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Global abortion-rights advocates worry their countries are next if Roe falls

The concerns focus not only on the long reach of US policy in health systems well beyond the jurisdiction of the Supreme Court, but also on the precarious state of abortion policy in governments around the world.

“We know the impact of this decision will have a ripple effect,” said Bethany Van Kampen, senior legal and policy advisor at the nonprofit Ipas, who attended the meetings with colleagues from around the world. “The US has an excessive influence… Countries that want to liberalize their laws – they may think twice after this decision.”

While government officials declined to comment on a particular private meeting, they said they have regularly met abortion rights advocates — including those from other countries — since POLITICO first reported on a roe draft opinion of the court.

During the meetings, the lawyers urged support for the Abortion Is Healthcare Act Everywheresaid Van Kampen, adding that the talks include officials from the USAID Bureau for Global Health, HHS Office of Global Affairs and State Department Bureau of Population, Refugees and Migration, as well as representatives. Jan Schakowsky (D-ill.) and Barbara Lee (D-Calif).

The legislation would allow US foreign aid funds to be used for abortion, which is currently illegal under the Helms amendment — although there is no clear path for passage in Congress. The group asked government officials to explicitly communicate what types of abortion-related care and information would be allowed in US-funded programs and to encourage more widespread abortion services, Van Kampen said.

The US abortion rights movement has led to changes in laws in other countries, activists said, and if Supreme Court falls roethat momentum could turn.

“The US is becoming a kind of inspiration for the conservative movements – and the conservative forces in the US have a stronghold in Latin America and around the world,” said María Antonieta Alcalde Castro, Ipas director of Central America and Mexico. “That is very worrying for the entire region.”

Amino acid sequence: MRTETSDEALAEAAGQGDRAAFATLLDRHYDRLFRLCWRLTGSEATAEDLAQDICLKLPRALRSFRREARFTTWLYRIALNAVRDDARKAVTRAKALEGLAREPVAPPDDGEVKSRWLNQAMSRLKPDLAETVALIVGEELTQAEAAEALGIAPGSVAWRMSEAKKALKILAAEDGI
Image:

Anti-abortion activists have raised new funding after the court’s draft opinion was reported, as well as the benefit of using winning strategies in the US elsewhere in the world, abortion proponents fear. Two global anti-abortion rights groups did not respond to requests for comment.

“That’s creating a political trend that’s being followed by resources and political forces, and we’re already feeling it,” said Alcalde Castro. “That kind of rhetoric that we saw in Texas, we see copy and paste in Mexico, copy and paste in Nicaragua. So there is clearly a trend there.”

And the concerns extend beyond Latin America.

“My colleagues in Europe are very concerned about what is going on in the US because, as you may know, efforts are being made to backtrack, particularly in Eastern European countries,” said Susan Yanow, spokesperson for the American branch of Women Help Women. , a global non-profit organization working to increase access to abortion medications and information. “And it’s a big concern that countries with less democratic governments — and I’m going to put the US in that column a little bit now — are going backwards, and the US is leading the way.”

Activists said they had seen politicians in their country use the risks of US backlash to advocate – often convincingly – for tightening abortion restrictions.

Still, others see the decision as a way to start a global conversation.

“Setting the agenda works in all directions,” said Giselle Carino, director and CEO of Fos Feminista, a global feminist and abortion rights group. “The US plays a leading role and undoubtedly sets an agenda. For example with Black Lives Matter last year, where the whole world was suddenly talking about racism, and that was just fantastic.”

Many leaders and activists still see the US as a major agenda-setter in the world, especially when it comes to global health.

The US — Anyway roe is seen by other governments – will continue to be a powerful major donor in global health care. While formal U.S. policies have long restricted access to abortions abroad, undoing roe could increase political pressure to change current US abortion policies in countries dependent on US aid.

In countries where U.S. aid represents a significant portion of the health care budget, the need for stable funding may outweigh policy proposals.

“Sometimes they don’t even have to say anything,” Pansi Katenga, Ipas’ director of global development, told reporters at a conference on the global impact of the court’s decision. “People are afraid to irritate [the] UNITED STATES”

The US influence on abortions abroad is also more direct. For decades, the so-called Mexico City Rule has ensured that non-governmental organizations that use U.S. funding promote or carry out abortion as a method of family planning.

In January 2021, the Biden administration withdrew the rule.

However, other policies remain in effect. The Helms Amendment prevents foreign aid funds from being used to perform or motivate abortions, although it does not prohibit information about all pregnancy options, in accordance with local law.

And while activists said they don’t expect the court’s decision to lead to immediate legislation in other countries, they believe a ruling that roe will make their jobs much more difficult — whether it be with an encouraged anti-abortion movement or pressure to follow current U.S. policies to preserve aid funding.

“We’re really at, you know, this crossroads that we’re going to see toppling over every day.” Roe v. WadeVan Kampen said. “This is a problem that can no longer be ignored.”

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